Ninety-three patients with diabetes who were not taking insulin and were having a change to their diabetes medicine were recruited from 18 general practices in the United Kingdom. Their HbA1c was measured five times over 12 weeks. The HbA1c levels at earlier time intervals were compared with the12-week HbA1c.
Seventy-nine patients with average age of 61 years, 33% of whom were female were included in the final analysis. At the end of the study 61% of patients had HbA1c above 7.5% or 59mmol/mol. We found that the 8-week change in HbA1c could be used to predict the 12-week change in HbA1c and all patients with HbA1c above 8.2% (66mmol/mol) at 8 weeks had HbA1c of 7.5% (59mmol/mol) or above at the end of the study.
Our study found that the change in HbA1c 8 weeks after changing medicines can be used to predict the final change in HbA1c. Many patients may therefore benefit from an having an earlier review of their HbA1c and medicines.
- Hirst JA, Stevens RJ, Farmer AJ. How quickly do HbA1c levels respond to a change in oral glucose lowering therapy? Results from a cohort study. Diabetologia. September 2013, Volume 56, Issue 1 Supplement, S446.
- Hirst JA, Stevens RJ, Farmer AJ. Changes in HbA1c Level over a 12-Week Follow-up in Patients with Type 2 Diabetes following a Medication Change. PLoS One. 2014 Mar 25;9(3):e92458.
A PPI representative assisted with the wording on the patient information sheet. Overall experience of working with the representative was helpful and positive.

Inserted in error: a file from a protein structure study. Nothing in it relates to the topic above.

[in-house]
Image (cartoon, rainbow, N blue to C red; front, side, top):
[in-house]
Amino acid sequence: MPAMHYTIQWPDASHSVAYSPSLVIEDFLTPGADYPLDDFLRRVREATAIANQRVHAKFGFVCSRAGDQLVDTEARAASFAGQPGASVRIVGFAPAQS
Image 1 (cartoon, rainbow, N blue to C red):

Taken from PLOS ONE publication (Hirst JA, Stevens RJ, Farmer AJ. PLoS One. 2014;9(3):e92458):
In our cohort of 79 patients with uncontrolled diabetes we have demonstrated that the majority of the change in HbA1c has taken place within the first 8 weeks of a medication change. We have shown from our analysis that twenty-eight patients who had an HbA1c at 8 weeks of greater than 8.2% (66 mmol/mol) would have safely benefitted from an adjustment in their medication 8 weeks after their medication change. In addition our work has shown that people with uncontrolled diabetes could have their HbA1c re-tested after 8 weeks to identify those who are non-adherent or non-responders to their medication type. We recognise that any medication changes would need to be assessed in a case-by-case basis and need to be dependent on individual patients, their HbA1c level and combinations of medications which they are taking. A randomised trial to test an 8-week testing interval compared with usual care in people with uncontrolled diabetes is now needed.
This project was funded by the National Institute for Health Research School for Primary Care Research (project number 151)
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The views and opinions expressed therein are those of the authors and do not necessarily reflect those of the NIHR School for Primary Care Research, NIHR, NHS or the Department of Health.